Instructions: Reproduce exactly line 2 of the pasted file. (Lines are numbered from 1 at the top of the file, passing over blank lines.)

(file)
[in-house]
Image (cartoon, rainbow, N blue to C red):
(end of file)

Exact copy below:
Image (cartoon, rainbow, N blue to C red):